Bangla Clubfoot Tool

Original Editor - Rachael Lowe

Top Contributors - Rachael Lowe and Meaghan Rieke  

Objective

The Bangla clubfoot tool[1] was developed to suit the context of the large Walk For Life clubfoot program in Bangladesh. It was largely developed from components of existing validated clubfoot assessment measures (such as the Roye Score), and adapted for local use. It is accurate, expedient, and inexpensive and has been shown to be a very reliable evaluation instrument[1].

Intended Population

This tool is used to assess outcomes for children with clubfoot in Bangladesh and may be a suitable measure to use across other lower and middle income settings. It is designed for use in busy clinics to assess results of clubfoot management in children of walking age, ie mid-term to longer-term results[1].

Method of Use

Three areas of examination are included: parent satisfaction, gait, clinical examination of the clubfoot[1]. The subjective elements of parents’ assessment addressed satisfaction with their child’s treatment (five questions). The gait and clinical aspects of assessment included the children’s physical ability to squat, walk, run, and use stairs, (four items) and objective assessment of heel position and ankle range (two items)[2].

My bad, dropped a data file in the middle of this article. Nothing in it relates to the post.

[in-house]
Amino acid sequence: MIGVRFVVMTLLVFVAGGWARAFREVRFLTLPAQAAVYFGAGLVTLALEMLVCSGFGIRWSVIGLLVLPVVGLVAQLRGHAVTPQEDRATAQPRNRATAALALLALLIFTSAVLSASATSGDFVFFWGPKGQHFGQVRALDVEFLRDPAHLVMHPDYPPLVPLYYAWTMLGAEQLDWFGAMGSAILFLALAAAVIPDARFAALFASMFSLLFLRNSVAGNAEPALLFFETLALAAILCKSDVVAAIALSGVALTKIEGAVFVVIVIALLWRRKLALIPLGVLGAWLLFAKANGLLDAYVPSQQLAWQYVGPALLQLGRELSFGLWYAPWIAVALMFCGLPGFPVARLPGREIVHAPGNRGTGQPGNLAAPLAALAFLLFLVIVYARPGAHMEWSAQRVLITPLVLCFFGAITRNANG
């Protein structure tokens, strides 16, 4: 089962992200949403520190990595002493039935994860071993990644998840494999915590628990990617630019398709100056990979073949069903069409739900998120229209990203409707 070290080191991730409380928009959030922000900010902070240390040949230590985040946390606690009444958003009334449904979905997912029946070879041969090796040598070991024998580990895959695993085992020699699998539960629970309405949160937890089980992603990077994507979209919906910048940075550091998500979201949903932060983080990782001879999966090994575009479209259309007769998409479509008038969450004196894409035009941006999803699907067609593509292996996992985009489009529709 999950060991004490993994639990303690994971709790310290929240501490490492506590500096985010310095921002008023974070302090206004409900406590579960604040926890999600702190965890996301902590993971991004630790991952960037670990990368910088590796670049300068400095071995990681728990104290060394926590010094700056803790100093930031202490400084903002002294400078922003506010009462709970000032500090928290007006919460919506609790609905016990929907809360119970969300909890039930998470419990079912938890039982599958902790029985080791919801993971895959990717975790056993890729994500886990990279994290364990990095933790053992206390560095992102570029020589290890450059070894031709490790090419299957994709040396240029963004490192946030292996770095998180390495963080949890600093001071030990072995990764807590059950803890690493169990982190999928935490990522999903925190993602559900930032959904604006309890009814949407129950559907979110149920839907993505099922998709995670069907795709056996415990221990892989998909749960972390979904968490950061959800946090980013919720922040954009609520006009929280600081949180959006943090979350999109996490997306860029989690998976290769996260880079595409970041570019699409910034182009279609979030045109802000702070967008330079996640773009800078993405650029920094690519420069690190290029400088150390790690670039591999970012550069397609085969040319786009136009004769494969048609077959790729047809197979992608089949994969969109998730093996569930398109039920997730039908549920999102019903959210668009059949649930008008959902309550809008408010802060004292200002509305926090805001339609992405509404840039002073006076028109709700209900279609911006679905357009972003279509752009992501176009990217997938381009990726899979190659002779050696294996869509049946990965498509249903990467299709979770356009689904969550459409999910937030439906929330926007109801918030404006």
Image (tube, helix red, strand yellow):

The Bangla Clubfoot Tool.png

The scoring system provides easily understood categories.

The Bangla clubfoot tool scoring system.png

Reference

Evans AM, Perveen R, Ford-Powell VA, Barker S. The Bangla clubfoot tool: a repeatability study. Journal of foot and ankle research. 2014 May 6;7(1):27.

Evidence

Evans et al[1] demonstrated this simple tool to feature good reliability both within and between examiners.

References

  1. 1.0 1.1 1.2 1.3 1.4 Evans AM, Perveen R, Ford-Powell VA, Barker S. The Bangla clubfoot tool: a repeatability study. Journal of foot and ankle research. 2014 May 6;7(1):27.
  2. Evans AM, Chowdhury MM, Kabir MH, Rahman MF. Walk for life-the National Clubfoot Project of Bangladesh: the four-year outcomes of 150 congenital clubfoot cases following Ponseti method. Journal of foot and ankle research. 2016 Nov 9;9(1):42.